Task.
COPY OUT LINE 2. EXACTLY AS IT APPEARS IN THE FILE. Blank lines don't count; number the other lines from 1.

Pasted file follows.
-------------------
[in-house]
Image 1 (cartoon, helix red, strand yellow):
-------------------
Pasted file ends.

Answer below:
Image 1 (cartoon, helix red, strand yellow):